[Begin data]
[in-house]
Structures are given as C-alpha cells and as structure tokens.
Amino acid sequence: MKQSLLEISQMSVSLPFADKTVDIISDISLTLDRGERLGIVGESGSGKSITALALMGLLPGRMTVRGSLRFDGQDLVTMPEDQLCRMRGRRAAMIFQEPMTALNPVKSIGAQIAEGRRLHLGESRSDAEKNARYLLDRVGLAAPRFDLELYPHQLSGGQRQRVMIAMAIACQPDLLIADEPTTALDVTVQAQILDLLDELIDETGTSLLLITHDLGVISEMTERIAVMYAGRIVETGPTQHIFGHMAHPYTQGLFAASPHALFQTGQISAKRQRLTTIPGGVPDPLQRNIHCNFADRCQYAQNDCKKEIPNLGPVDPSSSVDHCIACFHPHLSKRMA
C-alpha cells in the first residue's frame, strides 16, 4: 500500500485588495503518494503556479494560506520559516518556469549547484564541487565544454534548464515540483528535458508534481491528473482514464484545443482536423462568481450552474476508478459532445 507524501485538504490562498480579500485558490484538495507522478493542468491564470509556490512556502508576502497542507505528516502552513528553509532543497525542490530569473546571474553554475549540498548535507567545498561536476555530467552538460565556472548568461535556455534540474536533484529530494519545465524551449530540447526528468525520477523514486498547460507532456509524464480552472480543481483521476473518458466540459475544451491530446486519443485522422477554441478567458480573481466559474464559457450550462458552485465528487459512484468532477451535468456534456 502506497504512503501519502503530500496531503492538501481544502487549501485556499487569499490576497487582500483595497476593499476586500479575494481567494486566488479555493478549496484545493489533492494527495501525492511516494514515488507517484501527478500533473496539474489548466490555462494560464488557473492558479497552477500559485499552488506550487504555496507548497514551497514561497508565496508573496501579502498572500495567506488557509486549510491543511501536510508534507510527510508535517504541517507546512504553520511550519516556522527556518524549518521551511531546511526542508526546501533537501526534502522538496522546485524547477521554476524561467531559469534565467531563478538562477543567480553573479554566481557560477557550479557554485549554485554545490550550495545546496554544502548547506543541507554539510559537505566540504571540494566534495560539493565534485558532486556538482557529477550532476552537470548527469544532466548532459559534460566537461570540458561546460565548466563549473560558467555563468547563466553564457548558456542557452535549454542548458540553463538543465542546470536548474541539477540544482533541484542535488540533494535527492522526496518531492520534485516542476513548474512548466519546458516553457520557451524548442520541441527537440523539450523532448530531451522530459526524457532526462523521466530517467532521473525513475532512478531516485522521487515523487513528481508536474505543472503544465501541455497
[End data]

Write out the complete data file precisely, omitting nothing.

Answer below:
[in-house]
Structures are given as C-alpha cells and as structure tokens.
Amino acid sequence: MKQSLLEISQMSVSLPFADKTVDIISDISLTLDRGERLGIVGESGSGKSITALALMGLLPGRMTVRGSLRFDGQDLVTMPEDQLCRMRGRRAAMIFQEPMTALNPVKSIGAQIAEGRRLHLGESRSDAEKNARYLLDRVGLAAPRFDLELYPHQLSGGQRQRVMIAMAIACQPDLLIADEPTTALDVTVQAQILDLLDELIDETGTSLLLITHDLGVISEMTERIAVMYAGRIVETGPTQHIFGHMAHPYTQGLFAASPHALFQTGQISAKRQRLTTIPGGVPDPLQRNIHCNFADRCQYAQNDCKKEIPNLGPVDPSSSVDHCIACFHPHLSKRMA
C-alpha cells in the first residue's frame, strides 16, 4: 500500500485588495503518494503556479494560506520559516518556469549547484564541487565544454534548464515540483528535458508534481491528473482514464484545443482536423462568481450552474476508478459532445 507524501485538504490562498480579500485558490484538495507522478493542468491564470509556490512556502508576502497542507505528516502552513528553509532543497525542490530569473546571474553554475549540498548535507567545498561536476555530467552538460565556472548568461535556455534540474536533484529530494519545465524551449530540447526528468525520477523514486498547460507532456509524464480552472480543481483521476473518458466540459475544451491530446486519443485522422477554441478567458480573481466559474464559457450550462458552485465528487459512484468532477451535468456534456 502506497504512503501519502503530500496531503492538501481544502487549501485556499487569499490576497487582500483595497476593499476586500479575494481567494486566488479555493478549496484545493489533492494527495501525492511516494514515488507517484501527478500533473496539474489548466490555462494560464488557473492558479497552477500559485499552488506550487504555496507548497514551497514561497508565496508573496501579502498572500495567506488557509486549510491543511501536510508534507510527510508535517504541517507546512504553520511550519516556522527556518524549518521551511531546511526542508526546501533537501526534502522538496522546485524547477521554476524561467531559469534565467531563478538562477543567480553573479554566481557560477557550479557554485549554485554545490550550495545546496554544502548547506543541507554539510559537505566540504571540494566534495560539493565534485558532486556538482557529477550532476552537470548527469544532466548532459559534460566537461570540458561546460565548466563549473560558467555563468547563466553564457548558456542557452535549454542548458540553463538543465542546470536548474541539477540544482533541484542535488540533494535527492522526496518531492520534485516542476513548474512548466519546458516553457520557451524548442520541441527537440523539450523532448530531451522530459526524457532526462523521466530517467532521473525513475532512478531516485522521487515523487513528481508536474505543472503544465501541455497